FBI recruits for "War on Porn"

Saturday, September 24, 2005

Last month, the FBI's Washington Field Office began an internal recruitment drive to staff a new anti-obscenity squad. The job of the new squad would be to gather evidence against the "manufacturers and purveyors" of pornography, and would require eight agents, a supervisor and assorted support help. The squad would not be concerned with child pornography, but instead focus on pornography that depicts, and is marketed to, consenting adults. The squad would target bestiality, urination, defecation, and sadomasochistic behavior, which have a high rate of conviction in jury trials.

The initiative is described as "one of the top priorities" of Attorney General Alberto Gonzales, as well as FBI Director Robert S. Mueller III. Gonzales has said that "adult pornography is a threat to families and children." Christian groups, such as the Family Research Council who have criticized Gonzales for what they consider his weak stance on abortion, welcomed the initiative with "a growing sense of confidence in our new attorney general."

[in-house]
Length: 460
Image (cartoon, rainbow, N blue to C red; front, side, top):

Historians have criticized past FBI policies for focusing resources on cases which are easy to solve, especially stolen car cases, with the intent of boosting the agency's success rate. Congress began funding the obscenity initiative in fiscal 2005 and specified that the FBI must devote 10 agents to adult pornography.

The adult pornography initiative is seen as a "running joke" by many agents at larger offices which usually focus on national security, technology crimes, and public corruption.

Hard-core pornography is seen as far more mainstream today, partly due to its availability on DirecTV, owned by Rupert Murdoch's News Corp., and on in-room television offerings at the Sheraton, Hilton, Marriott and Hyatt hotel chains. Such companies are referred to as "white-collar pornographers" by Christian groups.